QUITO (Reuters) - Ecuador’s President Rafael Correa threatened to break off diplomatic ties again with Colombia on Tuesday over accusations that its agents wiretapped top Ecuadorean officials, including the leftist leader.
Difficult relations between Colombia and its neighbors are one of the top foreign policy challenges facing Juan Manual Santos, Colombia’s incoming president-elect. A diplomatic spat with Venezuela is also affecting billions of dollars of trade.
Ecuador broke off diplomatic ties with Colombia in 2008 after a Colombian bombing raid on a FARC guerrilla camp on the Ecuadorean side of the border. Relations were partially restored in November, but not to the level of ambassador.
Agents of Colombia’s DAS intelligence service tapped telephone conversations of Correa and his top officials after the 2008 raid, an Ecuadorean newspaper reported on Monday.
“It would not only be an obstacle to the re-establishment of bilateral relations. We would have to go back and break relations. This is extremely serious,” Correa told reporters.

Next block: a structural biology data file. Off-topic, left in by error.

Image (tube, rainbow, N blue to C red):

Colombia had no immediate comment on Correa’s statement.
The two countries currently have lower level diplomats or charges d’affaires in place and had held encouraging talks in recent months about restoring full relations.
Colombia’s Administrative Security Department, known by its Spanish initials DAS, denies the accusation of spying. The charge is being investigated by Correa’s government.
The DAS has been hit by a string of scandals, including allegations of illegal wiretapping of judges, journalists and opposition politicians in Colombia.
The United States cut off aid to the agency amid charges that Uribe’s advisers directed some of the abuses from the presidential palace. Uribe has said his government will disband the DAS and create a smaller, better-controlled agency.
Reporting by Santiago Silva, editing by Anthony Boadle